where NAl, NBe, PAl, and PBe are the concentrations and production rates of 26Al and 10Be, respectively. t is the burial time. τis the radioactive mean-life (26Al: 1.021±0.024 My, 10Be: 2.005±0.020 My, [3941]). E is the sediment erosion rate prior to burial. L is the attenuation length of cosmic ray particles, usually taken as 160 g/cm2/ρ [33]. The density ρ of overburden sediments is usually given by ~2.6 g/cm3 [34].

In addition, if the sediments eroded from the source area are gradually buried, slow sedimentation produces postburial cosmogenic nuclides, which will increase the concentrations and ratio of 26Al and 10Be and result in an apparently young burial age [34, 38, 42]. Thus, the total nuclide concentrations in the sample should subtract the component of postburial nuclide production in order to calculate an appropriate burial age. The detailed postburial production correction follows the formula and parameters in Thompson Jobe et al. [38].

In this study, we mainly calculated the sample burial ages assuming simple steady-state erosion and no postburial production. All the calculations were conducted based on referenced sea level, high latitude 10Be and 26Al production rates of 4.0 and 28.5 atom/g/a [43] scaled for the Lal [32]/Stone [44] time-dependent production model. The half-lives of 10Be and 26Al are 1.387±0.012 Ma and 0.708±0.017 Ma, respectively [40, 41, 45], and the initial 26Al/10Be spallation production ratio in the same material is ~6.75 [37]. The 26Al/10Be ratios of two samples are calculated from the CRONUS-Earth online calculator [46].

Two fine sand samples were collected from the B3 borehole drill core at a depth of ~54 m and ~57 m, to determine the burial age of the basin sediments. The pretreatment of samples was performed at the Cosmogenic Nuclides Laboratory, Institute of Crustal Dynamics, China Earthquake Administration. Details of sample processing follow the description by Kohl and Nishiizumi [47]. The 250~500 μm nonmagnetic fraction of the sand sample (0.5~1 kg) was sieved after magnetic separation and removal of carbonate, organic matter, and iron ions using HCl and H2O2. A dilute HF/HNO3 solution was used to etch samples to remove feldspar and partial quartz grains affected by meteoric 10Be. The 2 g purified quartz was dissolved in concentrated HF, and the concentration of 27Al was analyzed using an inductively coupled plasma optical emission spectrometer (ICP-OES) for determining the purity of the samples. The 27Al concentration ranged from 29 to 37 ppm which is sufficiently low to merit analysis. The remaining purified quartz (approximately 30 g) was dissolved using concentrated HF with added ~0.2 mg ultrapure 9Be and ~0.6 mg ultrapure 27Al carriers, and fluorides were eliminated by HClO4 fuming. Beryllium and aluminum were progressively separated from the other elements using anion and cation exchange chromatography. Ammonia water was added into isolated solutions to produce hydroxides of Al(OH)3 and Be(OH)2, respectively. The precipitates were poured into a quartz crucible and placed in a furnace burning for 30 minutes at 950° conditions to yield a powder of Al2O3 and BeO. The resultant samples were sent to the ASTER AMS French national facility (CEREGE, Aix-en-Provence) for making targets and measuring the ratios of 10Be/9Be and 26Al/27Al. All analytical results are listed in Table 2.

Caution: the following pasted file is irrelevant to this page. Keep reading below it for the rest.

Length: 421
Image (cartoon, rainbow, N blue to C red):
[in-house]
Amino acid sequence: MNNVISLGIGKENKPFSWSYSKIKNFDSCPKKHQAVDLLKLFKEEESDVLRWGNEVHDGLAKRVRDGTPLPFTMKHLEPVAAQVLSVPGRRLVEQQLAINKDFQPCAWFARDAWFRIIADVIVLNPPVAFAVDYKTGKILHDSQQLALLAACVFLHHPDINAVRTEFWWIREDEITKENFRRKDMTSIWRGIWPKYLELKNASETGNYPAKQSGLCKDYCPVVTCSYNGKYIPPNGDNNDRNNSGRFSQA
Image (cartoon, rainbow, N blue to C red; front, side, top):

4.1. Regional E-W Trending Strike-Slip Faults

To better establish the regional context of Quaternary deformation in the Jiujing Basin area, we analyzed high-resolution satellite images and remotely mapped surrounding faults. Based on identification of offset lithological and structural features, topographic lineaments, and fault escarpments, apparent faults were digitized (Figure 3(a)). A small percentage of the mapped faults reveal clear indicators of Quaternary sediment offsets and slip sense on satellite imagery, whereas the age and kinematic history of the remainder (majority) are uncertain. Of the faults that reveal slip sense on satellite imagery, NE-trending faults are characterized by left-lateral strike-slip movement, whereas NW-trending faults reveal evidence for right-lateral strike-slip. The nearly seven hundred NW- and NE-striking faults are mostly located between two regional E-W trending strike-slip fault zones: the Hongqishan fault zone (HQSF) to the south and Jinmiaogou fault zone (JMGF) to the north (Figures 2 and 3(a), [14, 15]). Statistical analysis of the strike of 681 subfaults between the HQSF and JMGF fault zones shows a dominant NE-trending distribution (insert map in Figure 3(a)).

The southern-bounding HQSF is about 120 km long and is developed largely within Ordovician-Silurian marbles and schists [21]. It is visible as a linear fault trough with obvious structural drag and low-angle truncation of adjacent basement strike trends indicating sinistral shear along its eastern extent (Figure 3(b)) [15]. In addition, along one sector, Quaternary sediments are clearly cut and there is apparent S-side-up and left-lateral offset of alluvial landforms and drainages (Figures 6(c)–4(f)). Farther west, there is limited image-based evidence that the HQSF is a strike-slip fault because the system mainly cuts through remote bedrock terrain parallel to basement strike trends, and Quaternary alluvial deposits and landforms are absent. However, previously reported HQSF fault exposures reveal that the fault is steeply south dipping (70-80°), and thermo-luminescence dating of fault gouge in the HQSF zone provides an age of ~176 ka, indicating activity during the middle Pleistocene [15].